Local Military, Middle Eastern Communities React to Changing Plan of U.S. Troops in Syria

Local military and Middle Eastern communities are closely watching National Security Adviser John Bolton’s visit to Turkey.

President Donald Trump’s changing statements about how U.S. troops will be leaving Syria has prompted the close watch.

He tweeted Monday saying the U.S. will leave at a “proper pace while at the same time continuing to fight ISIS.”

Bolton is asking assurances from Turkey that the country won't attack Kurdish fighters when U.S. troops leave.

Professor Jalal Malahaji is from Syria and his family still lives there.

Malahaji, like all young people in Syria, served in the military. He also spent time teaching language skills to U.S. Special Ops.

“We fought with you side by side,” he said. Malahaji witnessed the Kurdish people on the front lines fighting against ISIS.

Malahaji said Kurdish fighters would communicate with U.S. troops “to direct airplanes where to hit.”

This is essential in reducing injury and deaths of innocent civilians, he said, and to ensure more accurate U.S. airstrikes, some even conducted from San-Diego-based warships.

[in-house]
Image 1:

But President Trump’s evolving announcement about the status of U.S. troops stationed in Syria has resulted in panic, according to Malahaji.

“[Kurdish people are] crossing the borders because they're afraid,” he said.

Additionally, commerce is coming to a standstill, the professor said. Some shop owners are closing their doors in fear of Turkey's next move.

Malahaji said the president's abrupt announcement has produced more skepticism in the Middle East about the trustworthiness of America.

He believed leaving the fate of Syria, with such a large number of ISIS fighters in the hands of Turkey, Russia, and Iran could backfire on the U.S.

“Now its 2,000 soldiers; you might need 20,000 soldiers later,” Malahaji said.

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